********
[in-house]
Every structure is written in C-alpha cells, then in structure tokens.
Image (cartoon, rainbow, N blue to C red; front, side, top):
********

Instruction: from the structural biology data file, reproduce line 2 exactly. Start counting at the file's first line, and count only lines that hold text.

Every structure is written in C-alpha cells, then in structure tokens.